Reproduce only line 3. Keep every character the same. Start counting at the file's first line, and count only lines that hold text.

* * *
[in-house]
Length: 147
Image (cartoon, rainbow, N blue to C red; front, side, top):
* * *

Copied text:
Image (cartoon, rainbow, N blue to C red; front, side, top):